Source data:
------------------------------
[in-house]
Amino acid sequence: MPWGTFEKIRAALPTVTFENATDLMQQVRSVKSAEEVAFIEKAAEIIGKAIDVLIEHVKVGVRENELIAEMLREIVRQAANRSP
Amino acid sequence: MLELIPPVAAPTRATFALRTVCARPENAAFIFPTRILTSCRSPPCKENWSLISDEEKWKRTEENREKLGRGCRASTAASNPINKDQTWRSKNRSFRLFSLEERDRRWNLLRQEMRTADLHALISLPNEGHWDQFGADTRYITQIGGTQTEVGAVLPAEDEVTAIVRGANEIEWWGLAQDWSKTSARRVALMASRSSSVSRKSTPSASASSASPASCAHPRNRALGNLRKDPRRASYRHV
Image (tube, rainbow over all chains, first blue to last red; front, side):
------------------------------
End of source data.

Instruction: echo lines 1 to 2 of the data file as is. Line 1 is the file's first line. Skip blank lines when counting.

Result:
[in-house]
Amino acid sequence: MPWGTFEKIRAALPTVTFENATDLMQQVRSVKSAEEVAFIEKAAEIIGKAIDVLIEHVKVGVRENELIAEMLREIVRQAANRSP